Ah, the skirt. This is by far one of the oldest types of garments in human history, and it is one that is likely to stick around for generations to come. Most modern women have at least one skirt in their wardrobe, and it's not uncommon to have a lot more. After all, this is a surprisingly versatile piece of clothing that can be used for both dressing up and dressing down (with the right accessories), and many skirts can even be worn year round.
Short, long or in-between, we've taken the time to put together a list of five great skirt styles worth knowing. Ranging from classic to modern, these styles are all well-established staples of any fashionista's clothing collection.
1. Pencil Skirt
The first pencil skirt made its debut in Christian Dior's "H-Line"collection back in 1954, and it has only strengthened in popularity over time. The skirt is marked by its long, straight, narrow cut, and it can consist of solid fabric throughout or solid at the top with a netted or mesh lower portion.
Wear the pencil skirt with a blouse and/or blazer for a professional look that slays, or try pairing it with a tucked-in graphic tee or tank for a cool, casual vibe. Shoes also greatly alter the pencil skirt's look. Pointed, close-toe heels achieve a serious, "I'm dressed to kill and am ready for anything" tone, while flats and sandals promote a more youthful, playful appearance.
2. Maxi Skirt
The New York Times announced in 2010 that the maxi skirt was making a comeback, but the truth is that it never really went away to begin with. This long, flowy skirt sits right below the natural waist and is marked by its length (usually right down to the ankles), and it has literally been around for centuries. Modern versions began surging in the 60s and 70s, and they have endured through the 80s, 90s and 2000s.
Today, the maxi skirt can be found in a wide variety of solid colors and print patterns, as well as in both closed and open slit versions. While a lot of maxi skirts are intended for daytime use (and go great with flat sandals), try dressing it up with some statement jewelry, heels and a solid-color shirt with sleeves for an evening look.
3. Mini Skirt
The mini skirt is a bit newer as far as fashion history goes, with this daringly short hemline first making appearances in the mid 1960s. It then became a symbol of rebellion, something it still wholeheartedly embodies today. This skirt is usually straight cut, and it stops about halfway down the thigh. Modern mini skirts come in a wide range of solid colors, prints and different fabrics (we're in love with this Nanushka faux leather version) , and they can be used to add some edge to any look.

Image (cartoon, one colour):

4. A-Line Skirt
The A-line skirt gets its name from its shape-- narrow at the top, going straight down to a fuller bottom (like the letter "A"). Once known as the "most desired silhouette in Paris", the A-line style has evolved since its introduction in the 1950s to be one of the most versatile skirt styles today. Find it in leather, denim, cotton and a wide range of other fabrics, and go with solid colors for more serious looks while opting for colorful prints for a fun, playful appearance. We really love this skirts in warmer weather, when they can be paired with virtually any type of shoe. But if you want to try wearing one during colder seasons, try it with some tall boots.
Alcaçuz Faisca midi skirt - Yellow
Drome A-line skirt - Black
Maison Margiela zipped midi skirt - Black
Courrèges a-line mini skirt - Green
Marchesa rose print skirt - White
Sacai calligraphy print drawstring skirt - Blue
Christopher Kane neon lace kilt - Pink
5. Pleated Skirt
Pleated skirts actually go all the way back to ancient times, when they worn worn by both men and women of Ancient Greece, Egypt, Rome and Nubia. Marked by their many small, vertical creases, pleated skirts have faded in and out of style ever since ancient days. Nevertheless, they have now remained popular for the better part of the past century, and they have become a versatile staple of many wardrobes. These skirts are found in a wide variety of lengths, with shorter ones being more casual and longer ones being used for both professional and everyday settings.